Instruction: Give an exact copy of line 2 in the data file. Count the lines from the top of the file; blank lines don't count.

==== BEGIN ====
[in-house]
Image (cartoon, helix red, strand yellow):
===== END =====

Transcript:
Image (cartoon, helix red, strand yellow):